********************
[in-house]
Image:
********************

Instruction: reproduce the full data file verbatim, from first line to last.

[in-house]
Image: